Saturday night’s high-profile arrests in Saudi Arabia have sent shock waves through the global political Richter scale. The arrests, including that of such well-known figures as my former boss Prince Alwaleed bin Talal, came within hours of changes in the leadership of a number of important ministries, as well as to the leadership and structure of the much-respected Saudi national guard.
Saudi royals view themselves as The Party, sharing power and ruling by consent, in an arrangement that is largely opaque. What is absolutely clear after Saturday’s “Night of the Long Knives” is that Crown Prince Muhammad bin Salman is upending this arrangement and centralizing all power within his position as crown prince.
This purge comes on the heels of complete intolerance for even mild criticism of Mohammed bin Salman’s reforms, resulting in at least 70 arrests that have, unfortunately, garnered far less attention. Many of us living outside Saudi Arabia will not return home for fear of the same fate. Our families have been targeted instead.
All of this leaves me in a difficult quandary. I champion a real campaign to tackle the rampant corruption that is draining Saudi resources, both financial and human. Our unemployment rate would drop rather significantly if the billions we squandered on kickbacks and lavish personal enrichment schemes dressed up as public-works projects were spent instead on the development of small to medium enterprises, vocational training and 21st-century education reforms.
Corruption in Saudi Arabia is quite different from corruption in most other countries, as it is not limited to a “bribe” in return for a contract, or expensive gift for the family member of a government official or prince, or use of a private jet that is charged to the government so a family can go on vacation.
Instead, in Saudi Arabia, senior officials and princes become billionaires as contracts are either enormously inflated or, at worst, a complete mirage. In 2004, Lawrence Wright wrote in the New Yorker about “The Kingdom of Silence” where a massive sewer project in Jeddah was really a series of manhole covers across the city with no actual pipes underneath. I, as the editor of a major paper at the time, can say that we all knew, and we never reported on it.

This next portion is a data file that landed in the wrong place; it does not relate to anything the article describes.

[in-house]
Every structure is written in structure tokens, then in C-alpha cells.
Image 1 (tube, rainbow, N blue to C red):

Another example is building an airport in the wrong location simply to benefit the princes who own the land. They received the land for free from the government and then got extravagant compensation for the property.
Last year, during an interview with Bloomberg, Mohammed bin Salman revealed that “there was roughly between 80 to 100 billion dollars of inefficient spending every year, about a quarter of the entire Saudi budget” during the oil boom from 2010 to 2014.
“Inefficient spending” is a far too gentle description for corruption in Saudi Arabia. So yes, I, as a Saudi citizen, am eager to see this scourge end.
I have always wondered why the royals monopolized ownership of land in Saudi Arabia to such an extreme that fewer than 40 percent of Saudis are able to own their home. (In the United States, the rate is above 60 percent.) We are no longer a wealthy country, largely due to gross mismanagement of our rather formidable petro-wealth. Our oil reserves are a finite resource, and we have squandered too much for too long. The royals remind me of Aesop’s tale about the greedy couple who killed the goose that laid the golden eggs.
So is the 32-year-old crown prince more like Russia’s Mikhail Gorbachev or Vladimir Putin in this effort? Is he on a path to truly reform the entire system? Or is he simply seizing upon well-known figures to further centralize power in his own hands?
As of now, I would say Mohammed bin Salman is acting like Putin. He is imposing very selective justice. The crackdown on even the most constructive criticism — the demand for complete loyalty with a significant “or else” — remains a serious challenge to the crown prince’s desire to be seen as a modern, enlightened leader.
Mohammed bin Salman rather famously bought a $500 million yacht in 2015. Rumors rippled across the kingdom of other extravagances. The buck stops at the leader’s door. He is not above the standard he is now setting for the rest of his family, and for the country.
So while I applaud the public campaign to end corruption, I call on the Saudi media to assume a proactive role in encouraging impartial and transparent investigations as these corruption cases unfold. We Saudis deserve more than the spectacle of royals and officials interred at the Ritz Carlton. We also should have the right to speak about these important and impactful changes — and the many more needed to achieve the crown prince’s vision for our country.
We are a kingdom of silence no longer.
Jamal Khashoggi is a Saudi journalist and author.